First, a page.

Liquid notes

VST, AU, etc. plug-in Virtual Effects discussion
766 posts since 24 Nov, 2011

Post Sat Jul 20, 2019 6:02 pm

I noticed that liquid notes is at a pretty deep discount. Anybody have experience with using liquid notes? Opinions? Thoughts? Recommendations?

Thanks! Much abliged!

39 posts since 18 Feb, 2019

Re: Liquid notes

Post Sat Jul 20, 2019 8:01 pm

Curious too. I really like their drum one. Very quirky but I get good results.

1197 posts since 11 Aug, 2012 from omfr morf form romf frmo

Re: Liquid notes

Post Sat Jul 20, 2019 8:36 pm

It's fundamentally a reharmonizing tool. It lets you play with existing MIDI files. It can play back through its own synthesis engine which is fine for the task, or with a system-dependent multitrack MIDI routing to your DAW. It runs via Java.

You feed it a MIDI file, it analyzes it. It comes with some short templates if you want inspiration. Or you can give it one of your own MIDI files.

It does a pretty good job of assigning roles to channels but you can refine it. Polyphonic tracks are usually detected as chords, bass (via lower MIDI note #) is given the role of "root" even if it does not necessarily follow the root note of the chord track, higher MIDI notes are considered melody, which are generally slaves to the chords (but this can be unlinked). Percussion should be categorized as such so it is not part of the harmonic analysis. Dive into settings and you can tell whether each track follows the chords or not, adds tension.

Across the timeline each chord is assigned a "region" (like a mixer panel) with various controls. It auto-assigns the function of the chord as I Tonic, IV Subdominant, or V Dominant. Anything that isn't one of those is assigned as Tonic. When I give it MIDI files written in a minor scale it detects it as the relative major. But I've seen it detect minor in other people's videos. Maybe my stuff is too ambiguous.

Anyway, you can change the basic function, it's a slider. There are knobs for tension and chord. Chord makes chord substitutions, tension increases degree of dissonance. Leftmost is "conventional" ("probability of expectation"), turning the knobs right makes it less conventional, and the color changes from green to red. Changing any value plays back the new chord. Changing one region can affect other regions to make the whole progression make sense. There's a reset button to bring it back to the original chord. You can also manually change the chord from a dropdown. You can change all of this at any time, even during playback. There's a live improvisation mode called LN Live, you can control it via MIDI or QWERTY keyboard.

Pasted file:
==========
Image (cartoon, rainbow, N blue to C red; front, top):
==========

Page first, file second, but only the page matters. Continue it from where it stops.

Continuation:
You can export the resulting MIDI via drag and drop, can drag and drop it directly into your DAW. That's about it. So it's best to feed it relatively conventional chord progressions (or load a template) then go to town and make it more interesting. If you already write interesting chords then it's going to be less useful but could still be inspirational, and it reharmonizes the melody tracks for you too. The workflow is very good, the live improvisation works well.

Try feeding it MIDI from classical composers (especially baroque), it's fun to play around with them.

1197 posts since 11 Aug, 2012 from omfr morf form romf frmo

Re: Liquid notes

Post Sat Jul 20, 2019 8:39 pm

If you're talking about Liquid Rhythm, that is actually made by a different company called WaveDNA and it is indeed interesting. Liquid Notes is made by ReCompose, which also makes IC28 (another composing aid) and Spexx (a really nice spectral effect). WaveDNA also makes Liquid Music. Confusing, right?

2 posts since 14 Apr, 2010

Re: Liquid notes

Post Sun Jul 21, 2019 2:25 am

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Liked this when it 1st came out, but since this comms have moved to other kinda like tools ... pment.html (

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